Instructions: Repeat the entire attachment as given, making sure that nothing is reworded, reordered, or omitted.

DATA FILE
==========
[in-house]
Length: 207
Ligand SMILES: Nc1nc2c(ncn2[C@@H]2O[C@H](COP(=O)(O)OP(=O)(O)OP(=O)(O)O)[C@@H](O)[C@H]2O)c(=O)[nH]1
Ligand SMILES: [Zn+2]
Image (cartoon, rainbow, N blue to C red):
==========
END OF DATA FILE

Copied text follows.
[in-house]
Length: 207
Ligand SMILES: Nc1nc2c(ncn2[C@@H]2O[C@H](COP(=O)(O)OP(=O)(O)OP(=O)(O)O)[C@@H](O)[C@H]2O)c(=O)[nH]1
Ligand SMILES: [Zn+2]
Image (cartoon, rainbow, N blue to C red):